20th Century Fox has scheduled a release date for Assassin's Creed: The Movie.
Box Office Mojo reports that the New Regency production, which has Michael Fassbender attached to produce and star, is slated to open May 22, 2015. Michael Lesslie is scripting the adaptation of the Ubisoft video game franchise.
That means the video game adaptation will opens just weeks after Marvel's The Avengers 2.
Vin Diesel says 'Fast & Furious 7' is the beginning of a new trilogy
Vin Diesel has been on the road with the "Fast & Furious" franchise for more than ten years, and he won't be done with it anytime soon, if he has anything to say about it.
HItFix's Guy Lodge sat down with the "F&F" star to discuss the challenge of playing the same character over the course of more than a decade, the return of Michelle Rodriguez, and what we can expect in the future of the franchise.
With extensive acting training (his father was an acting coach), Diesel says he faced new challenges in playing the character of Toretto for more than ten years, noting that the time frame led him to incorporate his own growth as a person into the role. This allowed the character to evolve in a naturalistic way, which wouldn't have been possible in just one or two films.
Diesel also talks up the return of Rodriguez's presumed-dead character Letty. She was revealed to be coming back at the end of "Fast Five." For Diesel, having Rodriguez ("Avatar") back in the fold was "better than great."
"If it weren't for Letty," he reveals, "we wouldn't have done 'Fast 6.'"
Another big change is rocking the foundations of the "Furious" franchise, as "Saw" director James Wan is replacing longtime series helmer Justin Lin for the next film.
The move will help "Fast 7" go in a new direction.
"'7' is the beginning of the next trilogy in the thought-out story," Diesel contends, noting that the first six films form two distinct trilogies. "The three stories of 7, 8 and 9 are mapped out in a structure, even if they're not signed off on," he continues. "The direction of 7, 8 and 9 is clear."
Nintendo Enforces Copyright on Youtube Let's Plays
Nintendo has started claiming ad revenue on user-created Youtube videos featuring its games, according to reports from Youtube users.
Nintendo does not want to block videos containing content that it owns from appearing on Youtube (as many film and music publishers have), but it wants to place ads at the beginning and the end of videos featuring Nintendo games, such as Let's Plays, with that revenue going to Nintendo as opposed to the creator of the video.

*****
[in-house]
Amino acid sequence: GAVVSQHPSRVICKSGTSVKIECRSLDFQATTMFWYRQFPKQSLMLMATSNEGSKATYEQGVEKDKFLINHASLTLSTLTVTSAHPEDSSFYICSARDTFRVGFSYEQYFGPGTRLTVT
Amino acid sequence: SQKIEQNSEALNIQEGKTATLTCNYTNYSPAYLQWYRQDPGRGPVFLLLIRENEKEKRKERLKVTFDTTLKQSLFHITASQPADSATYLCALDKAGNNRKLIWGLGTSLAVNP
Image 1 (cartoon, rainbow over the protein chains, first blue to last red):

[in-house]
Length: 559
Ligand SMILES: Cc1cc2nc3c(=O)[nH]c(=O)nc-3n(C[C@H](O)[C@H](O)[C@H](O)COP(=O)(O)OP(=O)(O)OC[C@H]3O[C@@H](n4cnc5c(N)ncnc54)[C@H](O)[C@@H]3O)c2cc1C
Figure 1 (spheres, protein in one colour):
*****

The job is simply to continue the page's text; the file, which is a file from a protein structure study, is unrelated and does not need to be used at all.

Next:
Prolific Youtube channel owner Zack Scott has posted on Facebook about the demands. "I think filing claims against LPers is backwards," he writes. "Video games aren't like movies or TV. Each play-through is a unique audiovisual experience. When I see a film that someone else is also watching, I don't need to see it again. When I see a game that someone else is playing, I want to play that game for myself! Sure, there may be some people who watch games rather than play them, but are those people even gamers?"
Nintendo has issued the following statement to GameFront on the matter: "As part of our on-going push to ensure Nintendo content is shared across social media channels in an appropriate and safe way, we became a Youtube partner and as such in February 2013 we registered our copyright content in the Youtube database.
"For most fan videos this will not result in any changes, however, for those videos featuring Nintendo-owned content, such as images or audio of a certain length, adverts will now appear at the beginning, next to or at the end of the clips. We continually want our fans to enjoy sharing Nintendo content on Youtube, and that is why, unlike other entertainment companies, we have chosen not to block people using our intellectual property."
Nintendo's right to protect its copyright is enshrined both in law and in Youtube's copyright guidelines, which state that just because you purchase something, it doesn't mean that you have the right to upload it. But this sets an uncomfortable precedent for Youtubers who make their living from Let's Plays and other self-created game content: they are now unlikely to feature Nintendo games, and if other publishers were to follow suit it would be a monumental shake-up.